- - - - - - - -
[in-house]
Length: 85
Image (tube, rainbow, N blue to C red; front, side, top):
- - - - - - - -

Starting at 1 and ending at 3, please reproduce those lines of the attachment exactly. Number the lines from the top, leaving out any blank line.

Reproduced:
[in-house]
Length: 85
Image (tube, rainbow, N blue to C red; front, side, top):